Angels slow to start 2013

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The L.A. Angels, some prognosticators’ pick to win the AL West, have stumbled out of the gate to a 2-8 start, dead last in the division. As I write this, they trail the Astros, some prognosticators’ pick to win fewer than 55 games, 2-0 a night after getting blanked 5-0. With a loss tonight, they would be in danger of a series sweep tomorrow afternoon.

Everything that could go wrong has gone wrong for the Halos. Josh Hamilton, whom they signed to a five-year, $125 million contract over the off-season, entered the night with a .492 OPS. Mike Trout, the defending AL Rookie of the Year, is hitting .227 with no homers. Jered Weaver is out until late May with a fractured elbow. The starting rotation has otherwise been dreadful, posting a 6.02 ERA entering tonight, the third-worst mark in the Majors.

That being said, all the Angels have to do to keep the faith is look at Albert Pujols. Many pronouced the slugger dead last season when he entered May with a .570 OPS and no home runs. From the start of May through the end of the regular season, Pujols posted a .910 OPS with 30 homers.

Their -23 run differential through ten games is their third-worst in franchise history. Their fourth-worst? They were at -20 through ten games in 2002, the year they won 99 games during the regular season and the World Series.

The Japanese playoffs are super unfair

Hiroshima Carp
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I know a little about Japanese baseball. Not a lot, mind you. Like, I couldn’t hold my own with people who actually watch it or report on it or whatever, but I could explain some of the broad differences and similarities between the NPB and the U.S. majors.  I can say a few things about how the two leagues compare competitively speaking. I can name some stars and (I think) all the clubs. But there’s, quite obviously, a ton I don’t know.

A thing I did not know until today: the NPB playoffs are really messed up.

The NPB is divided into two leagues, the Central and the Pacific, with the winner of each league facing off in the Japan Series. Like the U.S. majors, they have preliminary playoff rounds in each league. Each league has three playoff teams, with the second and third seed teams playing a series first, and the winner of that series playing the top seed — the team with the best record in the league — in what is called the Climax Series.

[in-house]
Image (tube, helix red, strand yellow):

Here’s the weird part: the higher-seeded team in the Climax Series — the team which won the league in the regular season — gets every single playoff game at home. What’s more, that team begins the Climax Series with an automatic 1-0 advantage. So, yes, it’s a seven-game series on paper, but one of the teams only has to win three games to advance to the Japan Series.

Oh, in Japan, they also have no problems ending a playoff game early if it rains. That’s what happened in the Central League Climax Series last night, where the lower-seeded Yokohama BayStars took on the league champ Hiroshima Carp. Here’s the report from Jason Coskrey of The Japan Times:

The rainy conditions in Hiroshima caused the umpires to stop play for over 30 minutes and ultimately call the game after five innings, minutes after the Carp put three runs on the board. Just like that, it was over. The Carp won 3-0, with Yokohama robbed of the four innings (at least) it would’ve had to try and rally.

Even better: as Coskrey notes, there are five days in between the end of the Climax Series and the beginning of the Japan Series, so there is no reason they could not suspend a game and resume it the next day. They just choose not to. The upshot: the Carp now have a 2-0 series lead despite the fact that they’ve only played five innings of baseball.

Imagine if that happened in the NLCS. Imagine if the Dodgers began the series with a 1-0 lead over the Cubs and played all of their games in Los Angeles. Imagine there was a freak L.A. storm and it ended one of the game in the fifth inning, right after Justin Turner hit a homer. I’m pretty sure people would riot.

Kinda makes our complaints about the replay system seem rather quaint, eh?